Good Careers That Don’t Require a Degree


The high cost of education, the increase in student debt and the lowered odds of landing a job after graduation have all combined to make a lot of people reconsider whether a formal college education is worth it.  Granted, there are still many careers that require at least a two-year associates’ or a four-year bachelor’s degree, and some that still require graduate or post-graduate work to be taken seriously.  But you might be surprised at the number of lucrative career paths out there that do not require a four-year degree—and with an ever-changing job market, the number of these careers is on the rise.

The list below is not comprehensive in any way—there are many more job and career possibilities out there—but this is just to give an idea of what is out there.  Furthermore, for some of these careers (we’ll show you which ones), you might still benefit from having a bit of technical training or an occupational associate’s degree; but for many others, you can get by with simply a high school diploma or equivalent, or even by learning on-the-job with an apprentice.  Take a look and see if your chosen career is on this list.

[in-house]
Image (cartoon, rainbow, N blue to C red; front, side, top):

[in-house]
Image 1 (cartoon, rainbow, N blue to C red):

Educational requirements: none
Might benefit from: business school, one-on-one mentoring
Entrepreneur CareersThe best thing about being an entrepreneur is that you are in business for yourself—which means you make the rules about the educational requirements.  If you have a great business idea and know how to make it happen, no one is there to tell you that you don’t have enough training.  That being said, there are some common-sense business principles that would help you succeed, and if these don’t come to you naturally, you could pick these up with some business and accounting classes.  Better yet—find a successful entrepreneur who is willing to take you on as an apprentice. This is how many of the richest people in the world got where they are today.

Educational requirements: high school diploma or equivalent: